In this Two-Part story, titled "The Haunting," Strax ends up assisting Jago & Litefoot on a supposedly haunted house mystery...though the entire time he thinks they are just Vastra and Jenny undercover. Strax is dumb. Which is fun!  The entire two-part mystery is good fun.  Jago & Litefoot have a good rapport, and Strax is usually a pretty funny comic relief to the Paternoster Gang, so the story has a good comedy line-up. Oddly, that comedy team is investigating murders in a haunted house.  That is the fun of it. 

I rather enjoyed this story.  It is light, funny, with just enough drama mixed in to balance it all out. As someone who was only mildly familiar with the Jago & Litefoot series before I began this, I can say it is definitely accessible to newcomers, and if anything it just makes you want to listen to more from this series. 



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Jago & Litefoot - Volume 11Bookmark and Share

Thursday, 4 May 2017 - Reviewed by Damian Christie
Stars: Christopher Benjamin (Henry Gordon Jago), Trevor Baxter (Professor George Litefoot),  Lisa Bowerman (Ellie Higson), Conrad Asquith (Inspector Quick), Geoffrey Beevers (The Master), James Joyce (Henry Gordon Jago Jr), Rowena Cooper (Jean Bazemore), Andy McKeane (Maurice Ravel), Jonathan Forbes (Bram Stoker), Edward de Souza (Sir Henry Irving), Robbie Stevens (Mr Manners/Stanley Harker), Maggie Ollerenshaw (Dame Wilhelmina Gusset), Rachel Atkins (Madame Sosotris/Bishop), Colin Baker (The Doctor)
Written by Nigel Fairs, Matthew Sweet, Simon Barnard, Paul Morris and Justin Richards
Directed by Lisa Bowerman
Produced by David Richardson
Big Finish Productions, 2016

“Good Lord! Look at us, Professor – reflected in that puddle! We look positively ghastly – the both of us!”

“You’re right, Henry …”

Henry Gordon Jago and Prof George Litefoot

It’s amazing to think that 40 years ago last March, Doctor Who fans were introduced to the unlikely combination of Victorian showman Henry Gordon Jago and East London police pathologist Professor George Litefoot in the Tom Baker serial The Talons of Weng-Chiang. Although the two characters never formally returned in the TV series, they were so fondly remembered by fans that their popularity took on a life of its own. Indeed, it’s difficult to recall any other characters in the life of the classic and modern TV series that could have conceivably had spin-off adventures in the broader Whoniverse. Jago and Litefoot’s creator Robert Holmes created similar unconventional and roguish pairings in many of his Doctor Who serials (and even a few Blake’s 7 episodes), eg Spandrell and Engin in The Deadly Assassin, Garron and Unstoffe in The Ribos Operation, Glitz and Dibber in The Trial of a Time Lord – but none seem to have had the appeal of Jago and Litefoot.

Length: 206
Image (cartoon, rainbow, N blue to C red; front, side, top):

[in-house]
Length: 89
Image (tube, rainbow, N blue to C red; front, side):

Yet amazingly, since 2009, Big Finish has given the characters a whole new lease of life and a devoted fanbase, some of whom probably weren’t even alive at the time of the original broadcast of The Talons of Weng-Chiang. Jago & Litefoot started as a seemingly one-off and obscure Companion Chronicle called The Mahogany Murderers and within the space of eight years has spawned 13 boxsets plus a special release pairing the duo with Sontaran butler Strax (the Sontarans being another Holmes creation).